We live most of our lives managing our risk by reassuring ourselves that “it can never happen to us.” After years of permitting warehouses for high piled storage and code compliance it appears that many warehousers live by the same rule.
“It’s a warehouse; I am only storing products; I don’t have any ignitions sources; how dangerous can it be?” Come to find out, it can be more dangerous that you think.
According to the 2016 NFPA Research publication “Structure Fires in Warehouse Properties” by Richard Campbell, the two primary causes for warehouse fires are arson and electrical.
Arson fires are classified as intentionally set fires. These are obviously out of the warehousers’ control. So as much as they would want to avoid the risk by limiting ignition sources, they must contend with the information that 18 percent of warehouse fires are intentionally set.
The actual occurrence of a warehouse fire is relatively low. From 2009 to 2013 there were an average of 1,200 fires per year. These fires caused approximately three civilian deaths and 19 injuries per year while costing $155 million in direct property damage per year. That averages to about $129,000 in damage per fire.
That’s a big number for a risk that is outside of your control, especially when you take into account that those figures are for property only and do not include lawsuits, lost time, or other costs that may arise from the fire.
Tied for the number one source of warehouse fires is electrical. This encompasses lighting, equipment, and distribution of electricity in the building. Again, not a direct source of ignition that can be controlled by the warehouser.
Faulty wiring or equipment can arc and create an ignition source for any vapors or fumes in the air, or if it goes on long enough can ignite a solid. These can then cause a fire to start. In fact, next to flammable and combustible liquids being the first item ignited in the fire is what is called “unclassified item.”
This accounts for items that were not known, meaning something that was thought to be a Class I or Class II commodity that was actually a plastic and ignited and sustained combustion much easier than first thought. Then it is up to the fire protection features of the building to control or suppress the fire and for the fire service to fight the fire, and if the sources of fuel are not properly classified the proper protection is difficult to quantify. This leads to the high dollar losses listed above.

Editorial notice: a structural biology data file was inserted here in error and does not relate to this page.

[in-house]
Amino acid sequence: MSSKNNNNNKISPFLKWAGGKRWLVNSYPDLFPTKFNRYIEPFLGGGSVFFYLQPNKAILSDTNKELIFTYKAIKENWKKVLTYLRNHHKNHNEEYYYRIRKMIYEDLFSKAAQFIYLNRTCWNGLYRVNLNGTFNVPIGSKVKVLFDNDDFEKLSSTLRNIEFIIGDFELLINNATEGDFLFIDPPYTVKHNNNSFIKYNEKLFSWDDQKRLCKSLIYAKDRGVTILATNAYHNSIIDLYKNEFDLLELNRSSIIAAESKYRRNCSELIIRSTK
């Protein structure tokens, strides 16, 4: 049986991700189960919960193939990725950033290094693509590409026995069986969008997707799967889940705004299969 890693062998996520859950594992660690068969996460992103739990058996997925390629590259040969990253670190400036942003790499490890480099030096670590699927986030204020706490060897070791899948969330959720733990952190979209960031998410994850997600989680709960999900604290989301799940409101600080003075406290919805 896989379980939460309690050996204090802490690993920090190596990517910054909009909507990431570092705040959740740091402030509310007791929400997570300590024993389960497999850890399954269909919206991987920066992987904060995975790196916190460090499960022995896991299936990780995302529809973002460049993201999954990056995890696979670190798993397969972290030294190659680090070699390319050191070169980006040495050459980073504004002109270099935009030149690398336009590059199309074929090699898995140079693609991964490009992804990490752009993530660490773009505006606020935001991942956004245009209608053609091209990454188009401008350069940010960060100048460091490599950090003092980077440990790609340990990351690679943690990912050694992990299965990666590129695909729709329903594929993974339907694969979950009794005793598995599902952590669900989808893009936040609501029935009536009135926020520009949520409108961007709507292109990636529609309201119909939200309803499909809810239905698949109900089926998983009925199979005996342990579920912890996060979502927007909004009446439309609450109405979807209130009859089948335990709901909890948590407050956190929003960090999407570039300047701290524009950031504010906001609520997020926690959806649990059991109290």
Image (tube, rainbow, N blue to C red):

One might deduce that during the time employees are occupying the warehouse and following the safety procedures in place, that the likelihood of a fire occurrence during business hours might be minimal. Again, this is not the case.
The hours for the highest likelihood of fire is from 6 a.m. to 6 p.m. Not only that, but the second highest rate of direct property damage was also during this period. This could mean that once the fire was started, either the fire protection features were found to be inadequate or that human behavior during the fire was underestimated.
That trend is backed up by the damage costs as well. Although from 1980 to 2013 the average number of fires has dropped from 4,700 per year to now a steady 1,200 per year, the average cost of damage caused by those fires has remained steady.
The data suggests a rising cost of fire to a sharp increase, an immediate decrease, and then a steadily rising cost per fire again. This could be due to the fact that most responses to fires are reactionary. Storage configurations and other technologies change over time and may not be accounted for by the codes, such as plastic pallets and containers, HVLS fans, and other items. Once a fire occurs that is costly, the codes are amended to reflect the new technology.
So as you can see, the odds of a fire might not be that great, but if one does occur, it will likely be on your watch, and at a significant cost. Be sure to consult with your fire code consultant to see your exposure and do all you can to limit the risk based on these factors.